flavored cocaine,”bazuco“(crack), heroin and an avalanche of other deadly substances abound on the streets, with deals in plain sight.”If we find it easy? oh yeah“, launches AFP Manuel Morales, an unemployed engineer of 32 years who describes himself as a “chronic consumer” crack.
“In Medellin, drugs can be found everywhere today. Even on the ground“, he says.
Hand shaking, Manuel stops to inhale the remains of his dose, which melts on contact with the fire in a pipe made from PVC pipe. A sweet smell fills the air. A day like any other in San Antonio Park, right in the heart of downtown.
“I’m a little nervous because of the substance“because once inhaled”we really do anything, it takes everything“, says Manuel, unemployed for four months, who sometimes sleeps on the street.
– “Squares of vice“-
His vertiginous fall began on one of these “squares of vice“, street corners held by traffickers, where drug addicts and occasional users get their daily supplies.
A decade ago there were nearly 160 in the city, according to police, but independent studies estimate there are now nearly 800.
In 2013, 3.5% of Colombians declared having already consumed illegal substances. In 2019, that figure jumped to 9.7%, according to the national statistics agency. With 2.2 million inhabitants, Medellin is the city with the highest consumption rate (15.5%).
As the world’s leading producer and exporter of cocaine, Colombia is thus confronted, behind closed doors, with the “micro traffic“.
“When we say +micro+, it seems very small“, points out Luis Fernando Quijano, of the local NGO Corpades. But in reality, the “domestic drug trafficking has become a business worth billions” of pesos.
With the support of the United States, Colombia has attacked since the 1980s the big cartels and their exports by tons to Western countries. This had the unintended consequence of pushing traffickers to organize a local market for cheap, low-quality drugs.
“The drug which could not be exported therefore remained blocked locally“, explains the toxicologist Juan Carlos Sanchez, who treats every day in his office “heart attacks from cocaine“, from “thromboses” and “psychotic or delusional episodescaused by these various drugs.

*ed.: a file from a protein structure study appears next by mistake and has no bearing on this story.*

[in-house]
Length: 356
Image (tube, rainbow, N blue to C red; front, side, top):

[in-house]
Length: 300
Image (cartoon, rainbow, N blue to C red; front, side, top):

For the government, micro-trafficking is the main cause of insecurity and homicides in cities. Between 2018 and 2022, “more than 2,500 people were killed“in violence between gangs, details to AFP the general of police Herman Bustamante.
But in Medellin, where we find the most “squares of vice” and consumers in the country, the figures reveal a paradoxical phenomenon.
While in 1992, under the reign of Escobar, the homicide rate was 350 per 100,000 inhabitants, it was 15.5 last year.
For Mr. Quijano, no doubt, there is a “pact” between a dozen gangs and the authorities to reduce homicides, in exchange for the possibility for the traffickers to “manage freely“their businesses.”We feel much more a mafia peace than a peace imposed by the institutions“, denounces the activist.
“When seizures are made, they (…) are organized (by the traffickers) to maintain the idea that everything is fine, that the security strategy is working“, he accuses.
There are sometimes “police involvement in this whole affair“, recognizes General Bustamante, who assures, without giving precise figures, that several “have been arrested“.”As long as we have consumers (…) criminals will see this as a business opportunity“, soberly comments the officer.
– Eternal Bronx –
In 2018, then-mayor Federico Gutierrez accompanied an operation mobilizing nearly a thousand police officers to destroy the main drug market in the city center, nicknamed “the bronx“.
Several hundred drug addicts had been chased from sidewalks, dilapidated houses razed by a bulldozer, all filmed Hollywood style from a helicopter.
Four years later, “the bronx” is still there, with its traffickers and consumers wandering around in search of their doses.
Mr. Gutierrez, meanwhile, is the right-wing candidate for the May 29 presidential election. One of his plans is to strengthen the fight against drugs, while his left-wing opponent Gustavo Petro, favorite in the polls, proposes to treat its consumption as a public health problem.
Mr. Petro, former mayor of Bogota (2012-2015), had created a medical center in the capital for addicted drug addicts. The program was halted after a staff member was murdered.
In Medellin, the markets of “Bronx“continue to operate at full capacity 24 hours a day. Young people in need are crying out for “blondes” (seals), “rocas” (cocaine crystals), or “ruedas“, as clonazepam pills are called here, a psychotropic drug that causes sedation and temporary amnesia.
On others”places of vice“, traffickers offer ecstasy and “tusibi“, a trendy hallucinogen based on ketamine and mescaline.
Considered particularly toxic, including by the gangs who control the trade, low-grade heroin is also circulating in the city, at around $2.5 a gram.
Emaciated face and bulging eyes, Julian Quintana admits his total addiction to this substance. “Before, we didn’t see people injecting themselves in the street, syringes lying around. We were few and very careful“.
At nightfall, the junkie meets his supplier in a park, in the middle of the crowd.
On another”square“, Manuel, the drifting ex-engineer, finishes his last “bong“(water pipe) from”bazuco” under the indifferent gaze of two police officers on motorcycles.